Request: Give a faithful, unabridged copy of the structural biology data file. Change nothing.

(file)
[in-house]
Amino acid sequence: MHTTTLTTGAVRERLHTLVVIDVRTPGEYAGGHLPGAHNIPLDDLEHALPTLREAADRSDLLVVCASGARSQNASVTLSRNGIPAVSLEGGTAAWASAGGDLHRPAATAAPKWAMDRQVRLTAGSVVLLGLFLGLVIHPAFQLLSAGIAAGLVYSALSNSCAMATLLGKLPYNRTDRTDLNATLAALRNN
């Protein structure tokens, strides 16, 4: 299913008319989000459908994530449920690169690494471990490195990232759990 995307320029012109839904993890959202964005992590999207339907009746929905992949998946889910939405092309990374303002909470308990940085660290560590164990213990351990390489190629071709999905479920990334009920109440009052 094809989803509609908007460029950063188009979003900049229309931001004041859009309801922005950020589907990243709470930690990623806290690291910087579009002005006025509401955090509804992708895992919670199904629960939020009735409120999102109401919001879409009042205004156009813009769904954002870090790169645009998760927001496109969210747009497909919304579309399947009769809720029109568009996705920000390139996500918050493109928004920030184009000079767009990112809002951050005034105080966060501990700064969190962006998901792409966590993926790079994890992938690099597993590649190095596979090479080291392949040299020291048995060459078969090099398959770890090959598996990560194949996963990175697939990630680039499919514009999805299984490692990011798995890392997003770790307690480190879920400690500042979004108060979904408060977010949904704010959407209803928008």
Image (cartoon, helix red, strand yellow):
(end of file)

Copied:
[in-house]
Amino acid sequence: MHTTTLTTGAVRERLHTLVVIDVRTPGEYAGGHLPGAHNIPLDDLEHALPTLREAADRSDLLVVCASGARSQNASVTLSRNGIPAVSLEGGTAAWASAGGDLHRPAATAAPKWAMDRQVRLTAGSVVLLGLFLGLVIHPAFQLLSAGIAAGLVYSALSNSCAMATLLGKLPYNRTDRTDLNATLAALRNN
């Protein structure tokens, strides 16, 4: 299913008319989000459908994530449920690169690494471990490195990232759990 995307320029012109839904993890959202964005992590999207339907009746929905992949998946889910939405092309990374303002909470308990940085660290560590164990213990351990390489190629071709999905479920990334009920109440009052 094809989803509609908007460029950063188009979003900049229309931001004041859009309801922005950020589907990243709470930690990623806290690291910087579009002005006025509401955090509804992708895992919670199904629960939020009735409120999102109401919001879409009042205004156009813009769904954002870090790169645009998760927001496109969210747009497909919304579309399947009769809720029109568009996705920000390139996500918050493109928004920030184009000079767009990112809002951050005034105080966060501990700064969190962006998901792409966590993926790079994890992938690099597993590649190095596979090479080291392949040299020291048995060459078969090099398959770890090959598996990560194949996963990175697939990630680039499919514009999805299984490692990011798995890392997003770790307690480190879920400690500042979004108060979904408060977010949904704010959407209803928008």
Image (cartoon, helix red, strand yellow):